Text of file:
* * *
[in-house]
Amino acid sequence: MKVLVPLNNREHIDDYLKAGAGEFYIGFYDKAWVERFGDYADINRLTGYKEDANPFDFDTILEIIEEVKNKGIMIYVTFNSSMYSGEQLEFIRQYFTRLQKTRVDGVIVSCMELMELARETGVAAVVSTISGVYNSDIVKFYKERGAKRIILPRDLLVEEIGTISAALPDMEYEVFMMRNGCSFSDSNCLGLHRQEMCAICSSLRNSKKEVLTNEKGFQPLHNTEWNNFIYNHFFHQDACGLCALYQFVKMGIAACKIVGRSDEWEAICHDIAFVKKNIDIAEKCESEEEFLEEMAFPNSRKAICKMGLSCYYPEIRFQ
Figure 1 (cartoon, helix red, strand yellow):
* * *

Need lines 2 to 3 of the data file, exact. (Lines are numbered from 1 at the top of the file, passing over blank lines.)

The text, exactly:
Amino acid sequence: MKVLVPLNNREHIDDYLKAGAGEFYIGFYDKAWVERFGDYADINRLTGYKEDANPFDFDTILEIIEEVKNKGIMIYVTFNSSMYSGEQLEFIRQYFTRLQKTRVDGVIVSCMELMELARETGVAAVVSTISGVYNSDIVKFYKERGAKRIILPRDLLVEEIGTISAALPDMEYEVFMMRNGCSFSDSNCLGLHRQEMCAICSSLRNSKKEVLTNEKGFQPLHNTEWNNFIYNHFFHQDACGLCALYQFVKMGIAACKIVGRSDEWEAICHDIAFVKKNIDIAEKCESEEEFLEEMAFPNSRKAICKMGLSCYYPEIRFQ
Figure 1 (cartoon, helix red, strand yellow):